Cooking / Events / Nutrition / Our story / Sustainability
Incr – edible insect chefs around the world: Peter Bickerton
November 30, 2014
There’s been huge demand for Grub’s recipes; our kitchen can barely keep up, so we’ve asked some of the top bug chefs and innovators from around the world to share their passion and skills.
In this edition, we’re staying in the UK and talking edible to insect connoisseur Peter Bickerton, who made the news earlier this year because he’s been eating insects including Grasshoppers, Crickets and Waxworms for the last four years whilst at university. He’s been promoting the idea of eating insects as an ambassador for Thought For Food , and together they recently put on an edible insect feast including tempura Grasshoppers for audiences to try. We felt it was the perfect time to have a chat with him to see what else he’s been cooking up.
How long have you been eating/cooking bugs for?
I started really cooking bugs about four years ago, while investigating novel solutions to the global food crisis with Thought for Food. They really seemed like a much more sustainable alternative to what we currently have and if they’re a delicacy in pretty much every continent then why not?
Tell us about your first insect experience and what got you so hooked?
My first insect experience was actually in the rainforest of Ecuador in 2009. We ate some massive beetle grubs which had been barbecued and tasted amazing. Though, I must say I was put off for a couple of years afterwards when I bit into what I thought was a cooked grub and turned out to be completely raw. The texture was that of a raw tomato, along with the explosion. I haven’t eaten a raw tomato since, and I always cook my bugs (other than aphids, which taste amazing when bitten between your front teeth on the tip of your tongue). As I started to give more and more talks (ed – with Thought For Food) and put on more and more bug banquets I realised that with a little preparation and with the right ingredients, insects were not only sustainable but also unbelievably tasty. I would never have thought I would crave the taste of a locust. When I took them into work on occasion, as a snack for example, my colleagues would tuck into them with relish. I started taking them to friends’ houses and cooking them as part of meals, like you would any other food, and they were incredible. Things such as cricket Bolognese or locust stir-fry went down a treat. I’ve even cooked them at parties for people and on the occasional date! Willingness to eat insects is a good barometer for an outgoing and untrammelled person, I find (not that I exclude non-bug eaters, who are also lovely people.)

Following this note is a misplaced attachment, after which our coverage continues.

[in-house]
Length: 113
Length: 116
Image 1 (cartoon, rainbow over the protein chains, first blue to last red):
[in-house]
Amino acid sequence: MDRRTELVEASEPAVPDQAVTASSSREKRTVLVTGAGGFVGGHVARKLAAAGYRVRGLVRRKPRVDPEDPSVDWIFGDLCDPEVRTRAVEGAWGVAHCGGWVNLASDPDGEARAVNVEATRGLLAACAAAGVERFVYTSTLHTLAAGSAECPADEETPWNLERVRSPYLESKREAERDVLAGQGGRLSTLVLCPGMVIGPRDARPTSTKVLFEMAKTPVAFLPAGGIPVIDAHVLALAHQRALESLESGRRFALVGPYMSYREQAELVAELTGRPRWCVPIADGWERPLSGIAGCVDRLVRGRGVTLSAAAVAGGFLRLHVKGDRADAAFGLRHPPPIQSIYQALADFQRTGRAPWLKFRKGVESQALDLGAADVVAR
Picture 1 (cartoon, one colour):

Do you have a favourite insect? Could you Describe the taste and how you like cooking it?
I’ve tried many insects but I always come back to grasshoppers as my favourite. They have such a variety of tastes and textures, especially when you prepare them in different marinades. I’ve recently switched from roasting them in chilli sauce to using a soy sauce / lemon / rapeseed oil marinade. I usually leave them in that mixture for around 20-30 minutes, then roast them at 180-200degreesC for 7-9 minutes, depending on how crunchy I want them. I tend to enjoy having a little squishiness, which I think brings out the real locust flavour – which is surprisingly sweet. I’d say the heads taste nutty, while the thorax and abdomen taste more like cooked meats such as chicken skin or bacon.
Another favourite is the silkworm larva. They naturally taste like the smell of a pine forest, so a little bit of oil is all I need for those!
Would you mind sharing a recipe for the readers?
A really simple one to get into cooking insects is to marinade grasshoppers in some sweet chilli sauce for around 30 minutes, then roast them at 180degC for about 7-8 minutes. While they’re roasting, melt some dark chocolate in a pan. Once they’re done, take them out, dip fully in the melted chocolate, and let them dry out. Chocolate sweet chilli locusts are absolutely delicious, and a great way of introducing them to people who might not have considered eating an insect before.
Are there any insects that you wouldn’t eat and why?
There are some I wouldn’t eat again. I have tried giant water bugs but these haven’t been particularly inspiring – and the wings tend to get stuck to the back of my throat! Apart from that, I’m open to eating most things.
What should we do as entomophagy enthusiasts to make eating insects more acceptable to Westerners?
I think, honestly, we need to hide the legs and wings. This is unfortunately a little beside the point, but people don’t think “cow” when they eat steak, so if people don’t think “locust” when they eat locust, this is probably the best way forward. People don’t care what’s in their food if they don’t have to think about it, in general. McDonalds is disgusting but they get plenty of custom!
What’s your favourite insect fact?
I really appreciate the sweat bee and how they came to be… there is a massive lack of salt in the rainforest, so I find it amazing that a whole group of organisms evolved in a way that they can get what they need from the skin of sweaty mammals. How wonderful!
What are your upcoming plans?
I have a fair few projects in the pipeline. I’ve recently moved to Norwich and have been spreading the idea of eating insects around the place. We’re going to get some insects on the menu at the Norwich Institute of Biosciences on the salad bar, some grasshoppers and mealworms perhaps, as well as some cricket cake. I’m also preparing a talk for the Sunday Assembly in Norwich in the New Year, as well as a bug buffet. Other than that, I’m in the process of researching a book on how to get past the “yeukk” factor and start eating insects.